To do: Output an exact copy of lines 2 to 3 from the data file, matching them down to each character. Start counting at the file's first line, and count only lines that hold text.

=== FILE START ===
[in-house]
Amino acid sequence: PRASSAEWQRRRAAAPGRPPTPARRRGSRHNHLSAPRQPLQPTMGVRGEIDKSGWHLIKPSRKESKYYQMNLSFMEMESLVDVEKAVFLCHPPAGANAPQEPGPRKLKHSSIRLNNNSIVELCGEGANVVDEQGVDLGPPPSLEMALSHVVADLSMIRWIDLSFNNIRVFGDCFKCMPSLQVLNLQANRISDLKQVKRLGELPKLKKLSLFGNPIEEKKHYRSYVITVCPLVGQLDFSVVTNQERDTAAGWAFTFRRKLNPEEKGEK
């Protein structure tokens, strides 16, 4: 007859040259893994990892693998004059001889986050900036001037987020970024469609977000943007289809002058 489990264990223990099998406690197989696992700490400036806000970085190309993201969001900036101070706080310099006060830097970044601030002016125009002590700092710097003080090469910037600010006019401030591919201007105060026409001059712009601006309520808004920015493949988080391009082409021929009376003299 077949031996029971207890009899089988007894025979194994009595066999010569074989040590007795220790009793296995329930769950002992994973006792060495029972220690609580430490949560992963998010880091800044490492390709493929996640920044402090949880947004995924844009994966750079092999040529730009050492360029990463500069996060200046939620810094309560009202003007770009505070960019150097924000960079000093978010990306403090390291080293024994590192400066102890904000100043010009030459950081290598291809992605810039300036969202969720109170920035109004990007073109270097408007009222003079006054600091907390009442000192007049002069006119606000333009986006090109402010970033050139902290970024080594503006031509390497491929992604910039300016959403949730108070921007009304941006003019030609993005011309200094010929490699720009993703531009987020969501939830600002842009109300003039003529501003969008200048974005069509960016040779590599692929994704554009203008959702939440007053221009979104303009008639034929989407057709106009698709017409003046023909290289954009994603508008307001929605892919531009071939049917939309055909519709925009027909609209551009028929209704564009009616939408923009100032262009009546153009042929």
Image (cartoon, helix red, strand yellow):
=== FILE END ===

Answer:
Amino acid sequence: PRASSAEWQRRRAAAPGRPPTPARRRGSRHNHLSAPRQPLQPTMGVRGEIDKSGWHLIKPSRKESKYYQMNLSFMEMESLVDVEKAVFLCHPPAGANAPQEPGPRKLKHSSIRLNNNSIVELCGEGANVVDEQGVDLGPPPSLEMALSHVVADLSMIRWIDLSFNNIRVFGDCFKCMPSLQVLNLQANRISDLKQVKRLGELPKLKKLSLFGNPIEEKKHYRSYVITVCPLVGQLDFSVVTNQERDTAAGWAFTFRRKLNPEEKGEK
């Protein structure tokens, strides 16, 4: 007859040259893994990892693998004059001889986050900036001037987020970024469609977000943007289809002058 489990264990223990099998406690197989696992700490400036806000970085190309993201969001900036101070706080310099006060830097970044601030002016125009002590700092710097003080090469910037600010006019401030591919201007105060026409001059712009601006309520808004920015493949988080391009082409021929009376003299 077949031996029971207890009899089988007894025979194994009595066999010569074989040590007795220790009793296995329930769950002992994973006792060495029972220690609580430490949560992963998010880091800044490492390709493929996640920044402090949880947004995924844009994966750079092999040529730009050492360029990463500069996060200046939620810094309560009202003007770009505070960019150097924000960079000093978010990306403090390291080293024994590192400066102890904000100043010009030459950081290598291809992605810039300036969202969720109170920035109004990007073109270097408007009222003079006054600091907390009442000192007049002069006119606000333009986006090109402010970033050139902290970024080594503006031509390497491929992604910039300016959403949730108070921007009304941006003019030609993005011309200094010929490699720009993703531009987020969501939830600002842009109300003039003529501003969008200048974005069509960016040779590599692929994704554009203008959702939440007053221009979104303009008639034929989407057709106009698709017409003046023909290289954009994603508008307001929605892919531009071939049917939309055909519709925009027909609209551009028929209704564009009616939408923009100032262009009546153009042929």